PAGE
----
From Avengers and Shazam to Immortal Hulk and beyond, the biggest threats to today’s comic book universe are devilish demons like Mephisto.
From the Avengers fighting Mephisto to John Constantine’s misadventures with demonic forces, those heroes who oppose evil often find themselves helpless against the ultimate evil, the devil. The Lords of Hell are basically proto-supervillains who and serve as the ultimate adversaries for heroes to face. And in recent months, demons, devils and the other residents of Hell have all returned to prominence in a major way across mainstream superhero comics.
Since Jason Aaron and Ed McGuinness kicked off a new Avengers series in 2018, Mephisto has been a looming background threat who’s shaped numerous conflicts, even going so far as to be declared the team’s ultimate adversary. While imprisoned in a cell in Nevada, the devil Mephisto plots to destroy the Avengers–and the world–haranguing the heroes across time despite his captivity. When Tony Stark travels back in time to the year 1,000,000 BC, Mephisto is there and torments Stark with visions of his own father serving the devil. Moon Knight is tormented by visions of Mephisto’s plans, and he even took down the Avengers to give his god Khonshu the strength to protect Earth from the coming horrors.
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Mephisto is just one of Marvel’s devils to feature in recent years. Johnny Blaze, the original Ghost Rider, has since taken the throne of hell for himself as its reigning king in his most recent solo title. Meanwhile, Al Ewing and Joe Bennett’s The Immortal Hulk has introduced a new devil, the One-Below-All, a mirrored inversion of the One-Above-All. This ultimate evil has opened a doorway into the world with the power of gamma energy, where he’s manipulated the Hulk, his allies and his enemies as part of his dark schemes. Even the MCU which has focused primarily on science fiction, released the Hulu-original series Helstrom about the titular Son of Satan.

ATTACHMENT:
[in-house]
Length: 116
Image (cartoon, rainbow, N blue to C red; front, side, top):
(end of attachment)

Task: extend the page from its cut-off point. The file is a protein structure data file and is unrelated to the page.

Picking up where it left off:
At DC, there has been a similar resurgence of devilishly dark stories. The entire concept of the Dark Multiverse from Dark Nights: Metal is a cosmic re-imagining of infinite hellish realities filled with demonic versions of Batman who serve the demon-god Barbatos. John Constantine wakes in bed beside Lucifer in Tom Taylor and Darick Robertson’s Black Label series Hellblazer: The Rise and the Fall. In Tim Sheridan and Eduardo Pansica’s Future State: Shazam, the protagonist just made an even darker deal with the devil Neron. The child Billy Batson has the purest heart of any DC character, which allows him to magically turn into the Shazam, but Neron separates Shazam from Billy, and the “hero” leaves the innocent boy chained to the Rock of Eternity to be tortured by devils.
While the Marvel and DC Universes have only really just started re-embracing the more devilish aspects of their worlds after spending decades focused on events or stories that cast superhero as part of the military-industrial complex, it’s not the first time hellish heroes, villains and ideas have taken on such prominent roles.
Throughout the ’80s and ’90s, the Marvel and DC Universe were filled with devils and demons of all stripes. Near the peak of their popularity, the X-Men and New Mutants spent years building up to the massive demonic invasion of the crossover “Inferno” in the late ’80s, and Ghost Rider’s massive success spawned the entire Midnight Sons publishing imprint in the early ’90s. Meanwhile, DC stories like Underworld Unleashed and Vertigo titles like Hellblazer, The Sandman and Lucifer all spent considerable time dealing with the Forces of Darkness.
Beyond Marvel and DC, devils and demons were a staple of mainstream independent comics throughout the ’90s, from Todd McFarlane’s Spawn to almost every character published by Chaos! Comics, Top Cow’s Witchblade or The Darkness, or even Mike Mignola’s Hellboy.
Beyond superhero comics, Carmen Maria Machado with art by Dani‘s The Low, Low Woods, published by DC’s other mature imprint Hill House Comics, sees fires burn eternally in the subterranean caverns beneath an old mining town as the mines’ hellish working conditions have become literal hellfire. Kieron Gillen and Jamie McKelvie’s The Wicked + The Divine introduces Lucifer as a David Bowie-inspired rock god, the first deity readers get to know. Meanwhile, Brian Hawkins and Raffaele Forte’s The Devil’s Dominion from indie publisher Blackbox Comics keeps the spirit of the ’90s hellish tales alive with a story about Devlynn St. Paul, who broke the deal she made with a demon and now using her Satanic powers to do good in the world.
From creator-owned independent series to comics’ biggest superhero icons, comic book heroes and villains are being confronted by some of the darkest forces imaginable. And with powerhouses like Mephisto, the One-Below-All and Neron around, comics’ heroes are going to have a hell of a time trying to save the day.
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